Subtext Creates a Space for Journalists and Their Audience to Connect One-on-One


Journalists have had some concerns with social media platforms for some time now, yet it remains the best way to interact with their readers. Hoping to provide a better alternative is Subtext, a service that gives reporters the capability to send text messages to subscribers and allow subscribers the ability to respond back to them.

Mike Donoghue

The service is based off its precursor, Project Text. Mike Donoghue, co-founder of Subtext and CEO and founder of Alpha Group, and David Cohn, co-founder and chief strategy officer of Subtext, explained that Project Text launched in late 2018 as an alpha product and did surprisingly well. The service was launched in its current iteration in March 2019 and rebranded to Subtext last fall.

“We were looking at media companies and the amount of time, money and efforts spent building up social audiences, only to kind of come to the realization that: One, you don’t really own those audiences; two, it’s exceedingly difficult to monetize those audiences; and three, users were becoming increasingly frustrated with the kind of vitriolic white noise,” Donoghue said.

Hosts sign up by filling out a form which asks the usual questions such as name and email address. The form also asks hosts to provide other information such as a photo, a welcome message and name of the campaign. Host can decide if the campaign will be free for subscribers or paid for on the form.

A free campaign—known as an engagement campaign on the platform—will charge the host a fee. The average standalone subscription campaign will charge anywhere from $4 to $6 dollars a month. The third type of campaign is retention, which can be included in a subscribers already existing subscription.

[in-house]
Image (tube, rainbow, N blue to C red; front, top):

David Cohn

To use Subtext, the host is provided with a dashboard, which has five tabs: broadcast (where hosts can see old messages or create a new one); subscribers, messages, analytics (where hosts can track their engagement rate, response rate and more); and promotion (where hosts can create coupon codes). Subtext allows the host to send as much as 650 characters per text to as many users as they like. Hosts can even attach an image, video or gif to their messages.

Currently, Subtext has an estimated 10,000-plus subscriber base and more than 150 hosts including some big-name media outlets like Gannett, McClatchy, American City Business Journals and more.

One fan is Joe Eskenazi, a reporter at Mission Local in San Francisco, Calif., the first Subtext test case.

“This is a way for people to foster relationships with reporters who cover areas of interest to them. Subscribers send me messages and I make a point of returning them. They give me tips. We make jokes. It’s a different way to interact with readers,” Eskenazi said. “I think the text service is viable for a number of reporters or writers…and I think readers would pretty much universally relish talking with subject matter experts in areas they follow.”

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